Bob fought off two strong opponents with a steady, consistent door-to-door campaign and became the Mayor-elect on April 7th. Much more could be written about the shy, grassroots Mayor of Plano and the many activists who helped get him into the winners circle, but I want to get to the good stuff.



Obama’s First Hundred Days: A Critical Assessment From the Left

by , posted on Friday, May 8th, 2009 at 11:18 pm

Cross-posted from ZNet, where it was published on May 1, 2009.

A shortened version of this speech was given at a public forum sponsored by AWARE, the local Anti War Anti Racism Effort in Urbana, Illinois on the evening of April 30, 2009 at the Urbana City Council Chambers.

Thank you for inviting me to speak on the new administration’s first hundred days of centrist rule. Along with a number of other left writers and speakers over the last two years including Glen Ford, Bruce Dixon, Margaret Kimberly, Pam Martens, Michael Hudson, John Pilger, Chris Hedges,

John R. MacArthur, Ken Silverstein, Juan Santos, Matt Gonzales, Alexander Cockburn, Ralph Nader, Anthony Arnove, Lance Selfa, Joshua Frank, and Noam Chomsky, I have been living proof that the FOX News crowd is wrong when it says that all of “the left” is deeply and hopelessly in love with His Holiness the Dali Obama. It is true, I think, that much of what passes for a left in the U.S. has been unduly captive to the Obama phenomenon but many of us on the actual, so-called “hard left” have never fallen for the myth of Obama as some sort of progressive Mr. Smith-Goes-to-Washington character who is willing and ready to take on the corporate and military power elite. We’ve tended to see him rather as what MacArthur, the president of Harper’s Magazine, calls “a moderate with far too much respect for the global financial class.”

Before I get into specifics I want to make six quick caveats or qualifications that might provide some useful context for my remarks. The first caveat as is that for all my harsh judgments, I have never doubted that what Barack Obama has been doing is highly intelligent from the perspective of seeking glory and advancement within the narrow institutional and ideological framework of the dominant U.S. political system and culture. Obama and his team are masterful political actors and most of what I disapprove of in their behavior is heavily incentivized by that system and culture.

Second, my critique of the Obama administration is informed by a deeper and broader critique of the Democratic Party and its longstanding role of defining and policing the constricted leftmost parameters of acceptable political debate in the U.S. For the last century it has been the Democratic Party’s distinctive assignment to play what the Marxist author Lance Selfa calls “the role of shock absorber, trying to head off and co-opt restive [and potentially radical] segments of the electorate” by posing as “the party of the people.” If you buy my book Barack Obama and the Future of American Politics, you’ll see that I find Obama’s political career richly consistent with Selfa’s analysis and with the presidencies of John Kennedy, Lyndon Johnson, Jimmy Carter, and Bill Clinton.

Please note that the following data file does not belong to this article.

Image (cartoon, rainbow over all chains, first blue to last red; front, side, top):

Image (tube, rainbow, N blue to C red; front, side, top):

Some of My Best Friends: A Conversation with Pansy Division’s Jon Ginoli

by , posted on Tuesday, May 5th, 2009 at 9:48 am

Before Peoria-native Jon Ginoli was even out of his twenties he had done seemingly everything there was to do in music. Having moved to Champaign-Urbana to attend the University of Illinois, he had written for a series of music magazines and fanzines,

been both a radio and club dj, worked in a campus record store, and brought some of the most legendary indie rock bands of the day to town as a concert promoter.

He also played in a band of his own, The Outnumbered, a mainstay of the local music scene in the mid-1980s that released three albums and toured widely, and was remembered by one writer who knew them well as “perhaps the world’s only all-male feminist band, performing anti-misogynist, anti-capitalist, anti-war rants at the height of the Reagan era.”

He is best known, however, for his next band, the path-breaking gay rock band Pansy Division, which he founded in 1991 after moving to San Francisco. Eighteen years later Pansy Division is still around, still recording new material and performing live when most veterans of the earliest days of the gay rock scene have long since disappeared. In March Jon’s memoir, Deflowered: My Life in Pansy Division – “The Inside Story of the First Openly Gay Pop-Punk Band” – was published by Cleis Press. Also, a documentary about the band, Pansy Division: Life in a Gay Rock Band, has been screened at several gay film festivals this past year and has just been released on DVD by Alternative Tentacles Records. And, to top it all off, Pansy Division has just released a new CD, That’s So Gay, also on Alternative Tentacles.

I recently caught up with Jon on his book tour for Deflowered and we sat down one evening to talk about, what else, life in Pansy Division. (More on whether it’s a “pop-punk” or “rock” band or both, among other things, after the jump.)